Now the name of this blog is ‘A Taste of Two Cities’ but as I live in Paris, the second city, Liverpool, though equally wonderful, tends to be neglected. But that is about to change, as I plan some posts about the beautiful city of my birth in the very near future.
But first a quick mention about the food in the photograph…… I stated in an earlier post (see ‘Pasta, salmon and pesto bake’) that the French do not do ‘bakes’ as such, so it is usually when I am ‘home’ that I eat this sort of food, particularly as both my daughters’ are vegetarians. And this is such good food to eat at this time of the year, as it is warming, colourful and nutritious, and quick and easy to prepare after a day shopping or sightseeing!
Today I have been sightseeing and ‘finally’ visited Lutyen’s Crypt – ‘Where?’ I hear even the people of Liverpool asking, as even though I lived in the city for 20 years (Ok so I was a baby or child for most of this time), I have only just visited this beautiful and fascinating place.
Liverpool boasts two magnificent cathedrals’, the protestant Anglican cathedral (you can see the gothic Anglican cathedral in my ‘Bienvenue/welcome post) and the Catholic Metropolitan cathedral (or ‘Paddy’s Wigwam’ as affectionately known in the city)
Although (just as the Eiffel Tower!) the people of Liverpool were not too keen on the structure at first, finding it too modern and, let’s face it, at that time, strange; they have since taken it to heart and the austere exterior conceals an interior bathed in celestial blue light.
It is the Metropolitan cathedral that houses ‘Lutyen’s’ Crypt (Liverpool’ best kept architectural secret) In the 1930’s the renowned architect, Sir Edward Lutyen (responsible for, amongst other things, the Viceroy’s Palace at New Delhi, The Cenotaph at Whitehall and the 1st world war cemeteries of Northern France) designed a grand Roman Catholic cathedral for the city of Liverpool to rival the greatest in Europe. The first foundation stone was laid in 1933 and the foundations were dug and work on the crypt commenced.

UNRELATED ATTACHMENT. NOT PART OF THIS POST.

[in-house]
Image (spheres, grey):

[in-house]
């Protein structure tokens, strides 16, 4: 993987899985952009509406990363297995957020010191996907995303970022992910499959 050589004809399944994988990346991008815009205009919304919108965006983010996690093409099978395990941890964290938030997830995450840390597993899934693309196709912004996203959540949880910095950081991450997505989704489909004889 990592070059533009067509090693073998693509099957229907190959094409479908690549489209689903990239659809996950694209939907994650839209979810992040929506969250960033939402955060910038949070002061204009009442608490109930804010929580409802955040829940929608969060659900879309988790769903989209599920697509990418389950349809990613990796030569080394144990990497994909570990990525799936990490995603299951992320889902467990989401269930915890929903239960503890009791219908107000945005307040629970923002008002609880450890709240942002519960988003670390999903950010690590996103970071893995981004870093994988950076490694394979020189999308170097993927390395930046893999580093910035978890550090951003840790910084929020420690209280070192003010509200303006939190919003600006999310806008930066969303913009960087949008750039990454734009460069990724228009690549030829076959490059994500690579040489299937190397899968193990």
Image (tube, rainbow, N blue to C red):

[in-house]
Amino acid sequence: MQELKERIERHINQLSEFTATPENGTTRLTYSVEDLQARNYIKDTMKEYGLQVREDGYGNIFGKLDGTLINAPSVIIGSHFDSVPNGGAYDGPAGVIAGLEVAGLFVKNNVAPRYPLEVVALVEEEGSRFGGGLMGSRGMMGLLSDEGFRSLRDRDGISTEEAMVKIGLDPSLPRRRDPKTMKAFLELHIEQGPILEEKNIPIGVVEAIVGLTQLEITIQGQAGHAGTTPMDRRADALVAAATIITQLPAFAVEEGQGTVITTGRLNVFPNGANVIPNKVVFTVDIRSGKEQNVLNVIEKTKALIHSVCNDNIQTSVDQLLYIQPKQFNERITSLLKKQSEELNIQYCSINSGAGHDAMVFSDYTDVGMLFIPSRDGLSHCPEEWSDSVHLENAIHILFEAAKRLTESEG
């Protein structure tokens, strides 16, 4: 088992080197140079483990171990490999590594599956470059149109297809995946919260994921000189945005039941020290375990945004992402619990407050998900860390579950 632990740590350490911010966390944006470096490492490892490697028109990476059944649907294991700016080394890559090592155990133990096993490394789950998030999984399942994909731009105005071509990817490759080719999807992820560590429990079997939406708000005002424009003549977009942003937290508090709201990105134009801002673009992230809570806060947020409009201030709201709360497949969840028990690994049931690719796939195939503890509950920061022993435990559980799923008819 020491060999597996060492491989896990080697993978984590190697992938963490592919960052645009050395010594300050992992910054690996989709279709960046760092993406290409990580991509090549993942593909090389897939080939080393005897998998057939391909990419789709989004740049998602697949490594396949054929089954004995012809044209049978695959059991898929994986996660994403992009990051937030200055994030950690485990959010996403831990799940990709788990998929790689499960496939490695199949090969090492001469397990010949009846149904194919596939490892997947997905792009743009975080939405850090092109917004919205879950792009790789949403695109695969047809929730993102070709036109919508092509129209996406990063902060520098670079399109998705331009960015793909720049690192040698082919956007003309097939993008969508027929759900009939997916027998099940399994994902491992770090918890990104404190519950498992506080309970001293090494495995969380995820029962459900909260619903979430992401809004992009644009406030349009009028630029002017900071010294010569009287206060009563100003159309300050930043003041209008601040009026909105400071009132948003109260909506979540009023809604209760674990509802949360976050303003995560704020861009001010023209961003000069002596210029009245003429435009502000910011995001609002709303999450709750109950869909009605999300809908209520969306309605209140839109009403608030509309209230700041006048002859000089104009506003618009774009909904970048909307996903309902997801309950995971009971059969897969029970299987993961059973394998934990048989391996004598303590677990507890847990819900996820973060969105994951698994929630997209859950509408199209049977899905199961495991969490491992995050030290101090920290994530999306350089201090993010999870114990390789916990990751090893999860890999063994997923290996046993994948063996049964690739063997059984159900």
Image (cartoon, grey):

The onset of world war two saw a halt to this work and it was not until 1958 that the city was in a position to roof and complete the crypt. But escalating building costs had now made it impossible to realise the dream of Liverpool’s version of St Peter’s Basilica’ and plans were made to build the present day very modern and unique ‘Metropolitan Cathedral of Christ the King’ at the side of (not above as many think) the original crypt.
The Lutyen’s Crypt is one of the biggest in the world and is in stark contrast with the Cathedral, and visit to both, along with the Anglican Cathedral is essential when visiting the city. (both Cathedrals are situated at opposite ends of aptly named ‘Hope’ street, which is also home to the world renowned ‘EveryMan’ Theatre) The Cathedral is free but there is a charge of £3 for adults visiting the crypt to help with its conservation and it is open Monday-Saturday from 10am to 3.30 pm.
Back to the bake………
Serves 2 generously
100g whole wheat Pasta (Penne or spirals are good)
1 450g can of chopped tomatoes
1 Red pepper roughly chopped
1 Green pepper, roughly chopped
1 Small Red Onion, finely sliced
1 large clove garlic, crushed
6 -8 Black olives
1 heaped dessertspoon of capers
A good glug of Olive oil
Freshly ground sea salt and black pepper
Dried chilli flakes (optional)
Heat the oil in a large pasta dish
Roast the peppers and onion for about 20 minutes
Meanwhile cook the pasta in salted water and drain
Add the garlic, oregano to the vegetables, then stir in the tomatoes
Add the capers and olives
Season with salt and pepper (and a little chilli if required)
Stir in the pasta
Top with mozzarella and bake for a further 20 minutes until the cheese is melted and golden
Serve with a fresh green salad